If the change initiated by the Berlin Process grows and transforms the EU’s enlargement policy, its contribution will be historical and actually lead to real progress, it is stated in the latest reflection paper “The EU and the Western Balkans after the Berlin Process” by Florent Marciacq, Deputy Secretary General of the Austro-French Centre for Rapprochement in Europe and Research Associate at the Research Group on European Governance at the University of Luxembourg.
In this paper, which has been supported by the Friedrich-Ebert Stiftung, Dialogue Southeast Europe, Marciacq points out that the Berlin Process “is anything but insignificant, as the “business-as-usual” modus through which the EU previously pursued its enlargement policy had led it to turn a blind eye on issues looming over the region.”
However, he explains that one of the weaknesses of the process is that it does not have a built-in steering and monitoring mechanism.
“The Member States organizing the yearly Berlin Process Summits are responsible for following up on the initiatives launched by their predecessors. No specific institution is tasked with having oversight over the strategic development of the overall process or monitoring its achievements.”
When it comes to the London Summit, the focus of this summit which will be held in July this year, will be on interconnectivity, advancing the digital agenda and tackling shared challenges, such as cybercrime and trafficking. The question of what will happen after this cycle ends, remains.
Marciacq believes that this process will definitely continue, although the format is yet unknown.
“Whether new participating states will be invited to join the initiative and how the process will unfold, however, is not settled yet, for lack of steering mechanism.”
When it comes to the overall accomplishment of the process, the one part has been perceived by the Western Balkans’ leaders as effective – the boosted interest of WB6 and EU stakeholders for regional cooperation. It is stated that it has led to “the multiplication of regional meetings at all levels, which in turn constitute an effective way of building trust and interpersonal relations.”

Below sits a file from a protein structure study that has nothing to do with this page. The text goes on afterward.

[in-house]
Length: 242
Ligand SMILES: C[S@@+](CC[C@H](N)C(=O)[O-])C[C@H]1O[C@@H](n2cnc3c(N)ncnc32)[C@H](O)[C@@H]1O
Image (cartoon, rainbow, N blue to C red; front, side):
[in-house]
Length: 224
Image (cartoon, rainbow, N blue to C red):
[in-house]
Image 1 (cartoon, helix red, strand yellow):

The establishment of the Regional Youth Cooperation Office (RYCO), Connectivity Agenda and launch of the Western Balkan Chambers Investment Forum have also been noted as successful areas of this initiative. However, those too face some challenges – Western Balkan countries have promised more than they can or intend to deliver.
“Since the beginning of the Berlin Process, very few projects have therefore been able to spring up concretely, and it is noteworthy that this will probably remain the case for several years. That means that the connectivity agenda, to date, has fallen short of both producing highly visible outputs and achieving major progress in broader,” Marciacq explains.
RYCO has been marked as an example of success within the Berlin Process, but it is stated that its success will ultimately depend on its capacity to foster intra-regional mobility across ethnic lines and on the number of youth ready to participate in its programs.
On the question what comes next after the Berlin Process, Marciacq points out there might be several options to consider.
“At best, the Berlin Process would operate in parallel to the EU’s ‘business as usual’ approach; at worst, in joining the plethora of regional initiatives already in place in the region, the Berlin Process would lose its specificity and be diluted in the EU’s ‘business as usual’ mainstream,” he clarifies, adding that there is a certain temptation in proceeding that way.
Reflecting on the previously mentioned London Summit, he explains that it rather sends a confusing message to the Western Balkans.
“It seems that in entrusting the UK to host the Summit in 2018, the Berlin Process responds to outdated commitments, rather than adapting to new realities in a reflected, consistent, and forward-looking manner.”
However, Marciacq states that the Berlin Process may not end up as an initiative that proved disappointing in relation to the expectations it aroused.
“If the change it initiated grows and transforms the EU’s enlargement policy, its contribution will be historical and actually lead to “additional real progress” in advancing the EU’s policy towards WB6 candidate countries,” he concludes.